Washington While managing the endgame of the U.S. campaign in Afghanistan, the Bush White House also gives serious thought to what comes next in its war on global terrorism and to the long-term significance of the eclectic battlefield strategy it has improvised in Central Asia.
Phase Two of the terrorism war will focus on Sudan, Somalia, Yemen or any other weak state where Osama bin Laden's al-Qaida network might try "to regenerate itself," says an official with knowledge of White House thinking. "First we have to resolve the problem of al-Qaida in Afghanistan, and then resolve the problem of al-Qaida elsewhere."
This analysis will confound both hawks and doves who have rushed into a premature debate over striking Iraq hard and next in the war on terrorism. Each camp, for its own reasons, wants to tie the hands of a president who has insisted on keeping options open at each step.
This does not mean that Bush is ruling out extending the war on terrorism into Iraq at some point. But he is not ready to make that decision now. "There has been no serious discussion of it" by the president's principal advisers, I was told.
The extemporaneous approach to the Afghan war was set early in a White House meeting involving President Bush, National Security Adviser Condoleezza Rice and a few others. Rice, a dedicated Cleveland Browns fan, used a football analogy to alert the president to what lay ahead:
"We will be calling audibles every time we come to the line," one participant recalls Rice saying to Bush then. Bush as coach would set the game plan. Defense Secretary Donald Rumsfeld and his generals would then change tactics as they saw opportunity or need. That quick-change quality will carry on into Phase Two, which still could turn to Iraq if it offers aid to al-Qaida.
I asked Rice this week about the next steps in the war. She declined to discuss operational details. But she laid out elements of what can now be called the Bush Doctrine that point unmistakably to weak, pliable states as being of more immediate concern to her and to Bush than is Iraq:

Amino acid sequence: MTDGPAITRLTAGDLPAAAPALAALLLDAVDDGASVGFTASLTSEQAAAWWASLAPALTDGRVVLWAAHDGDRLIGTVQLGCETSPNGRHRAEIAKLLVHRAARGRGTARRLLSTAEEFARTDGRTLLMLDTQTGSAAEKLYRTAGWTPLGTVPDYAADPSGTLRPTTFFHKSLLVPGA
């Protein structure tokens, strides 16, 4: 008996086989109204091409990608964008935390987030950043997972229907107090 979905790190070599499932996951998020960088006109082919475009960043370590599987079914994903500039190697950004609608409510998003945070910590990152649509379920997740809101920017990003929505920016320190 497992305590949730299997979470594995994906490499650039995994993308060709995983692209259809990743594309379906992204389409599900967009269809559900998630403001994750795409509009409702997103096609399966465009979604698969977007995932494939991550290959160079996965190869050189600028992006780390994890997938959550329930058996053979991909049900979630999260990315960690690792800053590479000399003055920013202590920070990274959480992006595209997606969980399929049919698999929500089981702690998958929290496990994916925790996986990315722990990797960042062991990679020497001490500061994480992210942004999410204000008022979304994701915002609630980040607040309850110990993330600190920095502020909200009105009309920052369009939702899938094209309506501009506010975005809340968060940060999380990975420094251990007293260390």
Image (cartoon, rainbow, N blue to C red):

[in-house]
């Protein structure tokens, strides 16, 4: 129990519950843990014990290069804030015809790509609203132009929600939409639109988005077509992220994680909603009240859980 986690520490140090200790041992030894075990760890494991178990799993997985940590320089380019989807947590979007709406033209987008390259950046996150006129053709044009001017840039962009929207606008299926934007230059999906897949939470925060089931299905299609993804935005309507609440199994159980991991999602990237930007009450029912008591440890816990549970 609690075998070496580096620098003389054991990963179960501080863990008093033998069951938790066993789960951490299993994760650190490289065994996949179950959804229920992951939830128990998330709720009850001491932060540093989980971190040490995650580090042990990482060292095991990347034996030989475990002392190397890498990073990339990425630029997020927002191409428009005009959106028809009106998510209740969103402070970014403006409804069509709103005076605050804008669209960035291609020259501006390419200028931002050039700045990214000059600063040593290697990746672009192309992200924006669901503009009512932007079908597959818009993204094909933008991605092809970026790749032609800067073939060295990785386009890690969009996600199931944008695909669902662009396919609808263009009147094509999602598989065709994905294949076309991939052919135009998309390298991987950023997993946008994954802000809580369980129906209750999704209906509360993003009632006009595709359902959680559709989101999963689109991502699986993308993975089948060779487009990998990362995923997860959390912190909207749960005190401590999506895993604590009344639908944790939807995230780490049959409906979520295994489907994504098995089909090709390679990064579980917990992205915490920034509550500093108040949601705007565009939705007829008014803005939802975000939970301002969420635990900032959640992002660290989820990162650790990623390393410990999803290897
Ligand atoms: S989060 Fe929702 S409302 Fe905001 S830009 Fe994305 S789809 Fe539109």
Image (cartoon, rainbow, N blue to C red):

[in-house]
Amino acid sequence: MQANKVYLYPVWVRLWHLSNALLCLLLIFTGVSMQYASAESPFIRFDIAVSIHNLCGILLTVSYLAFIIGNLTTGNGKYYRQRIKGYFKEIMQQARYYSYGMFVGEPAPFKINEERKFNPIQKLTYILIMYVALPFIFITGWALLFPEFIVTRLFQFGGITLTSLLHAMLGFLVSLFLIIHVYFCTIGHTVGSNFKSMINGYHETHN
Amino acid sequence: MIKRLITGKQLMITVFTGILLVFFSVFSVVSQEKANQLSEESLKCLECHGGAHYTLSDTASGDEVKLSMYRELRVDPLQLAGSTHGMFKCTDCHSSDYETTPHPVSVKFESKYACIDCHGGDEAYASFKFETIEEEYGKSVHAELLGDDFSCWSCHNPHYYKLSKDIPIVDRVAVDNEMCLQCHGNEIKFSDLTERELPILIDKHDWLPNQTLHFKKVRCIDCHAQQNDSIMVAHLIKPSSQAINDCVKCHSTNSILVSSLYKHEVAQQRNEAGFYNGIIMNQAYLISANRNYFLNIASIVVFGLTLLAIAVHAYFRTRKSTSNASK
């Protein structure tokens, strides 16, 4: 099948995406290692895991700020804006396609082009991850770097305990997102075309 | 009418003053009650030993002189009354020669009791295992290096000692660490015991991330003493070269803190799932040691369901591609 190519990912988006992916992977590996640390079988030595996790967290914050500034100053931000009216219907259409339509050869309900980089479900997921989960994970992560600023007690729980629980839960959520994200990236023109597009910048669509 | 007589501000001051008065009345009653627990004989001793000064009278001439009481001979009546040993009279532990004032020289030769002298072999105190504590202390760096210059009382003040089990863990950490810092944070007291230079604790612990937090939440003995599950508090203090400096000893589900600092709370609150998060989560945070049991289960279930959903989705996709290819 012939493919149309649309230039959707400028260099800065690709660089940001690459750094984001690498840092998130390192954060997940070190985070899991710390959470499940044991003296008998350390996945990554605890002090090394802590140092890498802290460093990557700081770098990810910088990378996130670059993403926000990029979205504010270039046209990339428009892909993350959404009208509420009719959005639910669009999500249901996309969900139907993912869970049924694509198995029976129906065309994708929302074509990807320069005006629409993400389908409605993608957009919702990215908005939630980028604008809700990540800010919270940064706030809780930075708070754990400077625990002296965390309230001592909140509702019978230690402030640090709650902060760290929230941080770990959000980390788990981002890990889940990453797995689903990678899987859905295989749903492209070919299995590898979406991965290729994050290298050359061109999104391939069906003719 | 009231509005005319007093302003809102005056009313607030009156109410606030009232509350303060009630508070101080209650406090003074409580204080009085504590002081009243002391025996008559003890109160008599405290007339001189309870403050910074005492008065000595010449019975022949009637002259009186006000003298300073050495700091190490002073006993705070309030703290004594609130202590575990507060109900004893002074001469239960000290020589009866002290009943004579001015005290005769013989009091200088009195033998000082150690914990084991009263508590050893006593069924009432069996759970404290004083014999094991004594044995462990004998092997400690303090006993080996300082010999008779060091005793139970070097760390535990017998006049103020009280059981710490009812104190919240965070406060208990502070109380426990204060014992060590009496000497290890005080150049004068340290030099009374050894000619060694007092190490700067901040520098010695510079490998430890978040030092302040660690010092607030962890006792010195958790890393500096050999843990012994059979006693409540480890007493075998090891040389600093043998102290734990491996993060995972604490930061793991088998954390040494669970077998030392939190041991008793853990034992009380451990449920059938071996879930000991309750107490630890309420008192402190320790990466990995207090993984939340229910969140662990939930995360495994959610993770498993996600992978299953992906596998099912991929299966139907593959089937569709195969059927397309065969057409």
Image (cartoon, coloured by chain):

"You have to be willing to root out terrorists where you find them. And you have to do it in a way that destroys the network" and its command and control system, she said. "Al-Qaida isn't just state sponsored. It hijacked a state" to set up training camps and use all of Afghanistan's assets for terrorism.
"The Bush Doctrine emphasizes that states are responsible for what goes on inside their borders," whether they cooperate in or merely tolerate that activity, she continued. "The president is saying that those who harbor terrorists will be treated as terrorists themselves." This was correctly seen as an important shift, she noted, and gave rise to media descriptions of a doctrine.
Bush aides estimate that 30 to 40 countries have al-Qaida cells on their territory. "Afghanistan is not going to be available for bin Laden's terror work, and we have to make sure another site does not open up somewhere else," said one aide, specifically noting Sudan, Somalia and Yemen as countries of concern and potential targets for Phase Two.
"We are willing to work with states that want to do better in making sure their territory and assets are not used for the purposes of terrorism," Rice told me. I took this to be a positively worded but clear warning that time is running out on countries that have tolerated or encouraged al-Qaida activity. The unvarnished version of the message: Clean up your act. Now. Or else.
Marrying strategic air power to horseback charges has been only one feature of the "adaptive planning" that Bush aides say distinguishes the Afghan campaign. They also find, not surprisingly, confirmation of some of their bigger ideas as well.
"All the talk in the last decade was that the missions for American forces abroad would be exclusively in humanitarian and peacekeeping operations," said one official. "That turns out to be wrong. This campaign already shows that the world needs a big, technologically sophisticated force that can break itself into parts to be used in pretty unconventional ways. What we are seeing is military transformation happening on the ground."
I suspect the administration currently underestimates the terrorist logrolling that has gone on between Baghdad and al-Qaida. But it is clear to me that Bush still has Saddam Hussein on his screen. The question right now is not if, but when and rightly so.
Jim Hoagland is a columnist for Washington Post Writers Group.